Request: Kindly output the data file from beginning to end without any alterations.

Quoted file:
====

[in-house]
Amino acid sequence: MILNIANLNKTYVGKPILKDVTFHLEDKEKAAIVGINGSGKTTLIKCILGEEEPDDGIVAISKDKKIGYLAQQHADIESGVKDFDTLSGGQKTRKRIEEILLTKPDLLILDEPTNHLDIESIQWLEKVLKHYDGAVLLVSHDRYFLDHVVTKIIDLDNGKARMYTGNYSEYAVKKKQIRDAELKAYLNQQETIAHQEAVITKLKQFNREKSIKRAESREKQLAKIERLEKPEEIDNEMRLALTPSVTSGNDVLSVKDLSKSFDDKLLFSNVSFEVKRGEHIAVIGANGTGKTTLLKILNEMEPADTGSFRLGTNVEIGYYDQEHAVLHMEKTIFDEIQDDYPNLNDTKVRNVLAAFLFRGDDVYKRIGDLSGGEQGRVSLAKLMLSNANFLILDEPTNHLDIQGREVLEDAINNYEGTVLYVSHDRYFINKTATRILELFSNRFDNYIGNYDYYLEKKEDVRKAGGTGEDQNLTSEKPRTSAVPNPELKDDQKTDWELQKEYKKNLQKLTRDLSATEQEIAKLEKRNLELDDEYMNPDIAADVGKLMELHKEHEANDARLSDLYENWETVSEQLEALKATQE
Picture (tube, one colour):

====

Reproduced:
[in-house]
Amino acid sequence: MILNIANLNKTYVGKPILKDVTFHLEDKEKAAIVGINGSGKTTLIKCILGEEEPDDGIVAISKDKKIGYLAQQHADIESGVKDFDTLSGGQKTRKRIEEILLTKPDLLILDEPTNHLDIESIQWLEKVLKHYDGAVLLVSHDRYFLDHVVTKIIDLDNGKARMYTGNYSEYAVKKKQIRDAELKAYLNQQETIAHQEAVITKLKQFNREKSIKRAESREKQLAKIERLEKPEEIDNEMRLALTPSVTSGNDVLSVKDLSKSFDDKLLFSNVSFEVKRGEHIAVIGANGTGKTTLLKILNEMEPADTGSFRLGTNVEIGYYDQEHAVLHMEKTIFDEIQDDYPNLNDTKVRNVLAAFLFRGDDVYKRIGDLSGGEQGRVSLAKLMLSNANFLILDEPTNHLDIQGREVLEDAINNYEGTVLYVSHDRYFINKTATRILELFSNRFDNYIGNYDYYLEKKEDVRKAGGTGEDQNLTSEKPRTSAVPNPELKDDQKTDWELQKEYKKNLQKLTRDLSATEQEIAKLEKRNLELDDEYMNPDIAADVGKLMELHKEHEANDARLSDLYENWETVSEQLEALKATQE
Picture (tube, one colour):